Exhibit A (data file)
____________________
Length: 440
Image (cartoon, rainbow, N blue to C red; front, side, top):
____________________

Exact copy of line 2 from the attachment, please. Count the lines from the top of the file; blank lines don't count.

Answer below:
Image (cartoon, rainbow, N blue to C red; front, side, top):